:: Article

filters, modulators, magnetic tape

By Houman Barekat.

David Stubbs, Future Days: Krautrock and the Building of Modern Germany, Faber & Faber

The World Cup was just the cherry on the cake. Germany is enjoying its moment in the sun: prosperous, progressive and – subject to southern European misgivings – generally admired. More than that, it’s positively happening, its major cities among the hippest places in the world just now.  Take a look at your Instagram feed: all your coolest friends are in Berlin.

But not so long ago – within living memory, in fact – things were very different. The term ‘Krautrock’ doesn’t just denote a disparate grouping of experimental German rock/pop groups of the 1970s and 80s, it is also a callback to the characteristically condescending, parochial worldview of the English journalists who coined it. The word is an ironic, sneering oxymoron, playing on the inherent preposterousness of the idea that anything remotely sexy could emerge from all that Teutonic stiffness.

Paradoxically, groups like Can and Neu! owed a good deal of their breakthrough success to the very novelty of their ‘otherness’. Often underappreciated in their home country, where Anglo-American rock ruled the airwaves, they found admirers and champions in the English independent music press. In a similar vein, Kraftwerk had a Chicago music station to thank for popularising a four-minute edit of their seminal track, Autobahn, which launched them to stardom as the harbinger of an electronic sound that would revolutionise pop music.

David Stubbs’ Future Days: Krautrock and the Building of Modern Germany takes us back to a grim postwar landscape: a nation under occupation, haunted by the ghosts of Nazism and suffocating in cultural banality – from the fluffy, anodyne rural nostalgia of the Schlager pop movement to the alienating commercialism of American film. For most disaffected youth, the countercultural backlash meant growing your hair out and taking drugs and maybe even espousing radical politics; for the likes of Can’s Holger Czukay or Amon Duul’s John Wenzierl, it also entailed a specifically artistic component. Just as the 26 German film-makers who produced the 1962 Oberhausen manifesto pointedly rejected the values of Anglo-American cinema in favour of an aesthetic that was truer to the country’s heritage, so the practitioners of Krautrock took issue with nothing less than the entire blues tradition.

The wonderful, expansive strangeness of Krautrock was a product, then, of an implicitly political mission – to supplant a tonality synonymous with American cultural colonisation with a sound that was distinctly German. This was a nationalism that was entirely free of the taint of Hitlerite chauvinism: as Stubbs points out, Kraftwerk’s celebration of the German motorway system in Autobahn might have had sinister overtones to 1970s observers mired in atavistic Germanophobia, but in fact it reprised traditions that predated Nazism and had nothing to do with it – German expressionism, and the unity of art and technology that was a cornerstone of Bauhaus.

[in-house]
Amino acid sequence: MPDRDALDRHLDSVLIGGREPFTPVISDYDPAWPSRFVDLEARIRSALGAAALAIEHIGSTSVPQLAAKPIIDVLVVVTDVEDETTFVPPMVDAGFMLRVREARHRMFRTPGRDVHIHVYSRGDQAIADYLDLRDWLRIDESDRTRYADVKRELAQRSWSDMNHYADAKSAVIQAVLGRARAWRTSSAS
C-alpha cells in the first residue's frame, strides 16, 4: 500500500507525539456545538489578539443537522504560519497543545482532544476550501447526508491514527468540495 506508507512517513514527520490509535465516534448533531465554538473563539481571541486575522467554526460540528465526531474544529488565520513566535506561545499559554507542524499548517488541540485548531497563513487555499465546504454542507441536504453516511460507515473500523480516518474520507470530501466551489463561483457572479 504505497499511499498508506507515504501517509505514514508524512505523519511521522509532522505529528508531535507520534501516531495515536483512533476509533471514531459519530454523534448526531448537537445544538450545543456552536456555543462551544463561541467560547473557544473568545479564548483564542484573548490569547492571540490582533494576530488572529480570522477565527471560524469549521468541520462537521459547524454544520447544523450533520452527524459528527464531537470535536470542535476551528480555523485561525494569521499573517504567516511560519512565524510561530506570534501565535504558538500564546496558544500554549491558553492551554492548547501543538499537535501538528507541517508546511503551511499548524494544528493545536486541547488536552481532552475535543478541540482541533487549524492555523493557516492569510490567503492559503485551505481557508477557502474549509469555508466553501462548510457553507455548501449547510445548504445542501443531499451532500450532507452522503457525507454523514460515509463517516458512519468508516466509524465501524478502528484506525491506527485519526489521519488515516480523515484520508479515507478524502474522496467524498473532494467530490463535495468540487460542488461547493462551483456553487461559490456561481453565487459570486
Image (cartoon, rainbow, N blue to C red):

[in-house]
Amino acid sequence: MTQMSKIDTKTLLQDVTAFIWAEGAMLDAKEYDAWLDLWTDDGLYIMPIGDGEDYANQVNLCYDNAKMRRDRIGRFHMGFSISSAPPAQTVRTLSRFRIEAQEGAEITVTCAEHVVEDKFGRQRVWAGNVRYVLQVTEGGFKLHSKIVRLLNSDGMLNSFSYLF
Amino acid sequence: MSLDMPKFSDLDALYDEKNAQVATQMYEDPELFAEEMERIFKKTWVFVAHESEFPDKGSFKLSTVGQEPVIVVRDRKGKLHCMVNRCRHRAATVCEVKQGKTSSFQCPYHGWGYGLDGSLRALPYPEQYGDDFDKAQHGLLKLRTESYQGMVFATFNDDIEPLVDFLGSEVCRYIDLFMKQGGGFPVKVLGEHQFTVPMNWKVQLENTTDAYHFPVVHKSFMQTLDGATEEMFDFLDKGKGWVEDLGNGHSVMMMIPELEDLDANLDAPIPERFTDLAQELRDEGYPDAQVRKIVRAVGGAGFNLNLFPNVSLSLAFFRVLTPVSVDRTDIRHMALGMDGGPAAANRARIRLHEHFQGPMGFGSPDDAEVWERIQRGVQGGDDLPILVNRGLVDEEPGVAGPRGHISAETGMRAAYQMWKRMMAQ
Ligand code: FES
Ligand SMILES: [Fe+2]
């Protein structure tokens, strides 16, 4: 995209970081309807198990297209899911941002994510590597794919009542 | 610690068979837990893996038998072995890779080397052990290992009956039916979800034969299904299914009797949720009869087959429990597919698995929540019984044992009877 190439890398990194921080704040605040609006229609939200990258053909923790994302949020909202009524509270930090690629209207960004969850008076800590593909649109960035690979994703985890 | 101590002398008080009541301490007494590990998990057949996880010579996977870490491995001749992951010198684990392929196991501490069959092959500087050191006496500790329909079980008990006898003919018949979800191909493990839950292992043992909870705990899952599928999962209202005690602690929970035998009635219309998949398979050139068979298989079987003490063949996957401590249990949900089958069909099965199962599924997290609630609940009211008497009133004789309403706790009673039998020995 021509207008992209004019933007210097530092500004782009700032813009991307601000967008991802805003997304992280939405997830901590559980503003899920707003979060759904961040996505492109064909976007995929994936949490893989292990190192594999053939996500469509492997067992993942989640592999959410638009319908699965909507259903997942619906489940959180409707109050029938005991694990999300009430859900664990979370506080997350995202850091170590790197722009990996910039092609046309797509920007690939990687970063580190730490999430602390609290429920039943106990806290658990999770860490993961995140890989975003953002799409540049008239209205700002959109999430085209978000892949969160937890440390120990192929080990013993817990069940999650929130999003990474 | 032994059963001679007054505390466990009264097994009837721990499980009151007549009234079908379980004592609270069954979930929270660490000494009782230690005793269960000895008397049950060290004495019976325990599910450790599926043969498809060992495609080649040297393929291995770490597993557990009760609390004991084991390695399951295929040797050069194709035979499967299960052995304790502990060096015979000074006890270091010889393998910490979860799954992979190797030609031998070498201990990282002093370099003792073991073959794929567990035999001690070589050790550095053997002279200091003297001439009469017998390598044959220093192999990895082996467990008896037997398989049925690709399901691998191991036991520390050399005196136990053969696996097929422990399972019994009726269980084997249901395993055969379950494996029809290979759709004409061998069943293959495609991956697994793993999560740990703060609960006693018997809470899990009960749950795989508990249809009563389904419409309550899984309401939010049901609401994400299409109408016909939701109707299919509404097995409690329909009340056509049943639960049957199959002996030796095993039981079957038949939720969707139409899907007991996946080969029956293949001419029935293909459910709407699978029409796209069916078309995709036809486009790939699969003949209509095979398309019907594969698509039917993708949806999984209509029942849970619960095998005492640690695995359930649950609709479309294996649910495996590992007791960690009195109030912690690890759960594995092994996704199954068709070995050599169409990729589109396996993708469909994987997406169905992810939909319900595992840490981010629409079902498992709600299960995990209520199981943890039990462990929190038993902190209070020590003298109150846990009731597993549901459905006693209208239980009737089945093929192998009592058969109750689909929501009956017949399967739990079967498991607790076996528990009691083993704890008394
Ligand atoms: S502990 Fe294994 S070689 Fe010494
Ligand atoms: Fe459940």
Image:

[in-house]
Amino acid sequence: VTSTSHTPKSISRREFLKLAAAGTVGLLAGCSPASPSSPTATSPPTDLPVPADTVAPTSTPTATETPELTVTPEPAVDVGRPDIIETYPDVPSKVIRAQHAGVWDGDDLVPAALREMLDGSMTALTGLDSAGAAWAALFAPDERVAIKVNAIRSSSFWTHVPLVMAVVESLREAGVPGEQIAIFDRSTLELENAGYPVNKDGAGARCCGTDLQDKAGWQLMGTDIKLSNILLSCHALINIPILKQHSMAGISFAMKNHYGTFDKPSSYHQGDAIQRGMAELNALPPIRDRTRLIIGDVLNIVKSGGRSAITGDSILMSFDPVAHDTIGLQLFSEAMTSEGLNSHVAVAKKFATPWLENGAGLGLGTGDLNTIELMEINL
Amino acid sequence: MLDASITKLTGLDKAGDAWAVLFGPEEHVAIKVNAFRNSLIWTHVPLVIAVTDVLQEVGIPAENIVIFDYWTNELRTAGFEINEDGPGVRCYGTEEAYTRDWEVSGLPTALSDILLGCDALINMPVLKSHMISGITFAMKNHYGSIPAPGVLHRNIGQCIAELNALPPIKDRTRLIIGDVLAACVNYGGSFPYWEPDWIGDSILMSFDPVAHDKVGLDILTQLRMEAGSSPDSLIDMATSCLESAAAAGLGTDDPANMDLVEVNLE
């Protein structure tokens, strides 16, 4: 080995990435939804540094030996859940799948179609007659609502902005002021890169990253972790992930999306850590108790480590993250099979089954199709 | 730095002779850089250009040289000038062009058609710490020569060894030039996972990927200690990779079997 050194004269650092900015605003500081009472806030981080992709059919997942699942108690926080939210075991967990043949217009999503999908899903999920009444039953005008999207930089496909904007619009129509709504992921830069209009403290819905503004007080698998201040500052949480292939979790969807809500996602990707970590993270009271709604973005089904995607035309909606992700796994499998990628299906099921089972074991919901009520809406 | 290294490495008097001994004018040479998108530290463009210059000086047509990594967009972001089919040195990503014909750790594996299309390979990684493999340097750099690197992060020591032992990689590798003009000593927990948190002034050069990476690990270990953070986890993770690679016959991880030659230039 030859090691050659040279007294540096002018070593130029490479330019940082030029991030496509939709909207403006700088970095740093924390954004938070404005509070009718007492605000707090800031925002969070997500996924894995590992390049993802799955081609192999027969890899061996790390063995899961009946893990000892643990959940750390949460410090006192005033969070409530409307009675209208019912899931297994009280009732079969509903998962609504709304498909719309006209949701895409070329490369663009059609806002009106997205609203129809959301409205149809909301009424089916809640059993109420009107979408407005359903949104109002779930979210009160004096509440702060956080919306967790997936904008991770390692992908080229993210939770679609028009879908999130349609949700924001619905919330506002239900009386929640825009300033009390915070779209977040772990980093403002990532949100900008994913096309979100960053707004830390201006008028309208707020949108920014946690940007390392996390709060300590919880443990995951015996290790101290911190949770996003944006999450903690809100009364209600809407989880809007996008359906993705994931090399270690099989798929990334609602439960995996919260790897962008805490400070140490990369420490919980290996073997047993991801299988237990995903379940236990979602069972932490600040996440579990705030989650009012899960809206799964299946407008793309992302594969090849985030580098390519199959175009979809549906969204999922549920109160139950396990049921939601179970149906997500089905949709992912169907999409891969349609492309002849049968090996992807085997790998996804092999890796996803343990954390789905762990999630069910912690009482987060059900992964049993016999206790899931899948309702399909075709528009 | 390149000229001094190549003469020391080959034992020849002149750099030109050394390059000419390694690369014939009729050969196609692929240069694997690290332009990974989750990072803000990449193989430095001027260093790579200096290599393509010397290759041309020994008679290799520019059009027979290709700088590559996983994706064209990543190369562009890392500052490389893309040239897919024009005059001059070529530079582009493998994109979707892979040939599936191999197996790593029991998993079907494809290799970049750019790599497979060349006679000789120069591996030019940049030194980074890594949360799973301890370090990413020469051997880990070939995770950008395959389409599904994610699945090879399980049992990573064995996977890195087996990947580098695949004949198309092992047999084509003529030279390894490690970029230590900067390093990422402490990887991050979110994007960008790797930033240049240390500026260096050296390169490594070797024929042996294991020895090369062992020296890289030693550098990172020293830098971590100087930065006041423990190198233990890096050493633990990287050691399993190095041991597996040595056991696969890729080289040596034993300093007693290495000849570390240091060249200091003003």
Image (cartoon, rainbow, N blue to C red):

Technological progress was on their side: the development of manipulative electronic devices – filters, modulators, magnetic tape – opened up a wealth of possibilities for musicians wishing to eschew conventional time-scales, bearing out the predictions of the pioneering electronic composer Karlheinz Stockhausen (1928 – 2007), who as early as 1953 had prophesied the end of traditional linear composition. Kraftwerk acquired ARP and Moog synthesisers in 1972; two years later they were household names.

This detailed retrospective is brought to life by extensive and candid interviews of key protagonists like Czukay and Wenzierl, whose recollections range from exuberant self-deprecation (“We’re not musicians, we’re universal dilettantes.”) to Tao Lin-esque drug-addled whimsy (“I remember we were tripping on the day of our concert. I remember Dave Anderson going down the stairs onto the stage. It felt like half an hour of him simply going down the stairs.”) But it is the author’s astute engagement with the wider social history of postwar Germany that makes Future Days more than just a book about music. While conceding that Krautrock ‘only vaguely overlapped’ with the wider countercultural and far left currents of the time, Stubbs suggests that Krautrock did greater justice to the spirit of 1970s radicalism – in its eclecticism, innovation and intuitive humanism – than the dead-end misanthropic rage of Baader Meinhoff.

A formative influence on some of the biggest bands in post-punk – Can in particular were cited as influences by both The Fall and Joy Division – Krautrock has nonetheless been regarded as something of an eccentric sub-plot in the wider rock & roll narrative. Stubbs’ book – witty, good-humoured and, despite its infectious enthusiasm, refreshingly unencumbered by the fanboyish obsequiousness that lets down many a rock biography – is a fitting tribute to this important and often misunderstood scene.

Houman Barekat edits the literary journal, Review 31He lives in West London.

First published in 3:AM Magazine: Monday, September 29th, 2014.